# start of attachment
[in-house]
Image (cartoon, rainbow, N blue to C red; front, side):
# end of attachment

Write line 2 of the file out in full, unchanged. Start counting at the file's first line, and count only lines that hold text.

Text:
Image (cartoon, rainbow, N blue to C red; front, side):